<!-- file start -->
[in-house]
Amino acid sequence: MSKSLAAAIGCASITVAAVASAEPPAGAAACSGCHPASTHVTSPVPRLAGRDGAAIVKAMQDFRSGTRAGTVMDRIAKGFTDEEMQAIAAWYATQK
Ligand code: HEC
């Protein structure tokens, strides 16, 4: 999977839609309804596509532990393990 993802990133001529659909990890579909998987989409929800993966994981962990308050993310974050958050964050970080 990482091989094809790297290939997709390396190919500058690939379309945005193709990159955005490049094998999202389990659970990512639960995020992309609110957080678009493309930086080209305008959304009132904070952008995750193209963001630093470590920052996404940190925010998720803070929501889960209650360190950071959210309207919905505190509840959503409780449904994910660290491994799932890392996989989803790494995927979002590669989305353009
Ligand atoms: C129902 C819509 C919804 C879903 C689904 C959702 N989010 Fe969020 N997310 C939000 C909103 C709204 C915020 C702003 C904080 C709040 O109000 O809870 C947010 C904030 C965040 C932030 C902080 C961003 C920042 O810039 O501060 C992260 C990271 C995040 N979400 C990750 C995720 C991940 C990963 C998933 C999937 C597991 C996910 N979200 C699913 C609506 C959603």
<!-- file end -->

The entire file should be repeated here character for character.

[in-house]
Amino acid sequence: MSKSLAAAIGCASITVAAVASAEPPAGAAACSGCHPASTHVTSPVPRLAGRDGAAIVKAMQDFRSGTRAGTVMDRIAKGFTDEEMQAIAAWYATQK
Ligand code: HEC
């Protein structure tokens, strides 16, 4: 999977839609309804596509532990393990 993802990133001529659909990890579909998987989409929800993966994981962990308050993310974050958050964050970080 990482091989094809790297290939997709390396190919500058690939379309945005193709990159955005490049094998999202389990659970990512639960995020992309609110957080678009493309930086080209305008959304009132904070952008995750193209963001630093470590920052996404940190925010998720803070929501889960209650360190950071959210309207919905505190509840959503409780449904994910660290491994799932890392996989989803790494995927979002590669989305353009
Ligand atoms: C129902 C819509 C919804 C879903 C689904 C959702 N989010 Fe969020 N997310 C939000 C909103 C709204 C915020 C702003 C904080 C709040 O109000 O809870 C947010 C904030 C965040 C932030 C902080 C961003 C920042 O810039 O501060 C992260 C990271 C995040 N979400 C990750 C995720 C991940 C990963 C998933 C999937 C597991 C996910 N979200 C699913 C609506 C959603």